Live Review: Joe Armon-Jones at Patterns
Sunday 9th February, 2020
The wave of new young jazz artists flooding out of South London and into the media’s jazz Overton window seems to have eased as its vanguard move to consolidate their advances, but in the meantime Joe Armon-Jones has been unobtrusively but persistently touring the country (when breaks from his numerous other commitments allow, not least with the mighty Ezra Collective) spreading the word for his own unique take on the jazz-funk-fusion legacy. Persistence pays off, word has spread, and even on a dark Sunday night with Storm Ciara raging outside there’s a sizeable and enthusiastic crowd of devotees waiting for his latest appearance here at Brighton’s Patterns to promote his Turn To Clear View release.
First we’re treated to a warm-up from the preternaturally self-assured teenager Isabelle Brown. Accompanied by her bespectacled bestie on the ubiquitous Nord keyboard, her warm, clear, direct singing is a real treat, free of the over-wrought stylings that mar many of her contemporaries’ interpretations of soul, and her engaging personality brings everyone forward to listen. One to watch out for.
Armon-Jones ambles onstage, face hidden in his hoodie, and pitches straight in to a reverb-drenched keyboard riff, building up tension until the band enter with a heavy steppers dub. Bassist Mutale Chashi’s licks and fills add the necessary versatility to bridge the gap between reggae and fusion while keeping the groove locked, and Chelsea Carmichael sails above on tenor sax, her attractively rough-edged tone complementing the hoarsely soulful power of Niles ‘Asheber’ Hailstones’ voice. Asheber is a thoroughly convincing frontman, his imposing figure under his Fulani hat seeming to reach up to the low ceiling: his impassioned baritone is strong enough to rise over the declamatory twin tenor-sax attack of Carmichael and Binker Golding and versatile enough to match the band’s diverse dub-to-cosmic- jazz/funk stylings, now recalling U-Roy, now Leon Thomas as the occasion demands.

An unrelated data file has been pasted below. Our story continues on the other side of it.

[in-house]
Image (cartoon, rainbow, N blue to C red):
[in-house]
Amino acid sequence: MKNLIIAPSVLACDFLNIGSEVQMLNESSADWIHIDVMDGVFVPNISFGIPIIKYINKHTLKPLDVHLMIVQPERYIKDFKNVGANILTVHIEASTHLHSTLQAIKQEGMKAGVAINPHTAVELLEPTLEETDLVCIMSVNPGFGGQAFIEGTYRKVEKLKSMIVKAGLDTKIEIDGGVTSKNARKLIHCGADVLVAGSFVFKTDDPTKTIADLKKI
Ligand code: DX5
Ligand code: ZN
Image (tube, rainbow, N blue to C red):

The benefits of a busy touring schedule are evident: the band sound well played in, able to take risks and make them pay off, stretching the groove-based formulas of tracks like Gnawa Suite to incorporate the kind of rhythm and texture based group improvisations that Armon-Jones has perfected with the Ezras. Material from both records is played at a more intense, urgent level. A new tune based on the venerable Kunta Kinte Dub provides space for a blistering solo from Golding: the crowd are sufficiently jazz-friendly to greet extended solos from both Chashi and powerhouse drummer Marijus Aleksa with enthusiastic acclaim, and Armon-Jones’ own playing demonstrates repeatedly that beneath the mild-manneredly baked-abstracted exterior lies a razor-sharp creative musical intelligence. He’s convincingly staked out a claim to an unlikely but somehow logically arrived at area of common ground between dub and jazz-funk, and the crowd respond to both with equal approval. He’s also an engagingly modest host. “I’m so lost in the music that I’ve forgotten all about what time it is and where we are…which is the point!” he says before the finale, and everyone seems happy to agree.
Photo: Anya Arnold